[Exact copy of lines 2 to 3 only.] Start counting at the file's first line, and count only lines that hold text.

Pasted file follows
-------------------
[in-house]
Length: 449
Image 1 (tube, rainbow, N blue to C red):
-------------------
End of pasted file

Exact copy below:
Length: 449
Image 1 (tube, rainbow, N blue to C red):